Aida is a four-act opera written by Verdi to an Italian libretto by Antoni Ghislanzoni, which was based on a scenario by French Egyptologist Auguste Mariette (although the latter attribution has been questioned – for example, it has also been suggested that the scenario came from Temistocle Solera).
Initially, Aida was set to première earlier in 1871, after a commission from Isma'il Pasha, Khedive of Egypt. However, the Franco-Prussian war delayed this by months.
Auguste Mariette was heavily involved with the realisation of the project. He helped to design the costumes and accessories, and also led the designs and construction of the sets. Interestingly, two sets of designers put together the sets for two sets of acts. The sets for acts one and four were put together by Philippe Chaperon and Auguste Rubé, for acts two and three, sets were provided by Edouard Despléchin and Jean-Baptiste Lavastre.
24th December 1871 at the world première in Cairo. The European première took place a couple of months later on 8th February 1872 at La Scala, Milan. Verdi himself is said to have regarded the latter as the “real” première, having allegedly been dissatisfied with the fact that no members of the general public were invited to the Cairo première (which instead comprised guests from higher walks of life such as dignitaries and politicians).
It's also worth noting that Verdi is said to have written the central part of Aida for his close friend Teresa Stolz. Stolz, in fact, did not perform at the Cairo première (the role of Aida was played by Antoinetta Anastasi-Pozzoni), but did perform at the Milan première.
24th December 1871: Khedivial Opera House, Cairo, Egypt
8th February 1872: La Scala, Milan, Italy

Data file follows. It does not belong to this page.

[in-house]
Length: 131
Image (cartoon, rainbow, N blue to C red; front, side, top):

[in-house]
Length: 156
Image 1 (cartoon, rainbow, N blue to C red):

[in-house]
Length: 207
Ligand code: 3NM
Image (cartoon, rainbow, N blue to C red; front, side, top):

26th November 1873: Academy of Music, New York City, United States od America
12th December 1874: Teatro Real, Spain
23rd November 1875: Great Theatre and Polish National Opera, Warsaw, Poland
22nd April 1876: Theatre-Lyrique Italien, Salle Ventadour, Paris, France
22nd June 1876: Royal Opera House, Covent Garden, United Kingdom
6th September 1877: Royal Theatre, Melbourne, Australia
Aida revolves around its eponymous character, an Ethiopian princess who is captured and made into a slave in Egypt. No particular period is given, although the story takes place in the Old Kingdom (which is the third millennium BC – the era between the third and sixth dynasties, 2686 – 2181 BC).
The action plays out against conflict between Ethiopia and Egypt. Both sides are at war, but principal characters between both sides find that they have come together – most notably, Aida and the Egyptian military commander, Radamès, who has fallen in love with Aida. Initially, Aida keeps her real identity a secret.
Radamès, in turn, is adored by Amneris, the daughter of the Egyptian king. However, the feeling is not a mutual one, and Amneris even suspects that this is the case. Suspecting Aida, she tricks the Ethiopian princess into declaring her true feelings after falsely claiming that Radamès has died in combat.
After Radamès returns successful from battle and a hero, the king says that he can have anything he wishes. However, his request for the release of Aida and her father Amonasro (now hostages) is denied. Instead, the Egyptian king proclaims that Radamès will be wed to his daughter and will be a successor to the throne.
However, Radamès arranges a clandestine meeting with Aida (who has been instructed by her father to locate the Egyptian army). He not only suggests a safe route of escape, but also the location of the Egyptian army to Aida. Radamès is found with the enemy and is promptly captured and sentenced to death. Despite Amneris' pleas for mercy, Radamès is still taken to a vault in which he is to be buried alive. However, Aida is waiting there for him, and shares his death.